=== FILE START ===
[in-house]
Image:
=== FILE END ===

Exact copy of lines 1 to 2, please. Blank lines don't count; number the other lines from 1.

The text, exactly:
[in-house]
Image: